Using 2 Routers - one g and one n

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Using 2 Routers - one g and one n

Postposted on Wed Feb 22, 2012 2:54 pm

So, I have a wireless-n router, but its not simultanous. My goal is to set it to Wireless-n only @ 5ghz, and then hook up my trusty old WRT54G2 up and have it handle all the wireless-g devices (2.4 ghz). I have an empty basement but, I'm looking at hooking it up like this:

Modem -> Linksys E2000 (wireless-n only) -> WRT54G. I'll also have a printer and computer hard wired, probably through the E2000.

Are there any special configurations for the E2500 other than forcing it into Wireless-n and 5 ghz?
How do I need to configure the WRT54G2?
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Re: Using 2 Routers - one g and one n

Postposted on Wed Feb 22, 2012 3:24 pm

If it were me, I'd put them on the same SSID with the same encryption settings and that would be it - assuming they are connected to the same network segment :) Make sure you select channels which are free of interference :)

Then all clients will be configured the same.
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Re: Using 2 Routers - one g and one n

Postposted on Wed Feb 22, 2012 3:27 pm

If you want to have the two networks talk to each other nicely, you would want to disable DHCP on the WRT54G, set its lan IP to something other than the E2500, and connect the two together using lan ports on each. This would make the 54G a wireless bridge/AP, and remove all router function.

The benefit to this is that everything on the 5ghz (and plugged directly into the E2500) would be able to connect to everything on the G band, while if you ran the 54G as a router all the wireless "behind" it would be hidden from the rest of your network.

We did this a few times in our school district when we needed an AP and a mini switch, but I've seen linksys routers default all their settings for no reason and totally screw up a network, too.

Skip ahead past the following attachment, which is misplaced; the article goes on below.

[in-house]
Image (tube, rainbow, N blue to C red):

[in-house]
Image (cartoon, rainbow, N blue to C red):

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Re: Using 2 Routers - one g and one n

Postposted on Wed Feb 22, 2012 5:03 pm

highlandr wrote:If you want to have the two networks talk to each other nicely, you would want to disable DHCP on the WRT54G, set its lan IP to something other than the E2500, and connect the two together using lan ports on each. This would make the 54G a wireless bridge/AP, and remove all router function.

The benefit to this is that everything on the 5ghz (and plugged directly into the E2500) would be able to connect to everything on the G band, while if you ran the 54G as a router all the wireless "behind" it would be hidden from the rest of your network.

We did this a few times in our school district when we needed an AP and a mini switch, but I've seen linksys routers default all their settings for no reason and totally screw up a network, too.

I agree to your suggestion as above, but does the last paragraph mean your suggested configuration is not stable so that it cannot be relied upon?
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Re: Using 2 Routers - one g and one n

Postposted on Thu Feb 23, 2012 8:56 am

churin wrote:
highlandr wrote:If you want to have the two networks talk to each other nicely, you would want to disable DHCP on the WRT54G, set its lan IP to something other than the E2500, and connect the two together using lan ports on each. This would make the 54G a wireless bridge/AP, and remove all router function.

The benefit to this is that everything on the 5ghz (and plugged directly into the E2500) would be able to connect to everything on the G band, while if you ran the 54G as a router all the wireless "behind" it would be hidden from the rest of your network.

We did this a few times in our school district when we needed an AP and a mini switch, but I've seen linksys routers default all their settings for no reason and totally screw up a network, too.

I agree to your suggestion as above, but does the last paragraph mean your suggested configuration is not stable so that it cannot be relied upon?


That last paragraph is why I don't buy Linksys routers. :D That and the fact that the older ones had a tendency to hard lock on a regular basis.
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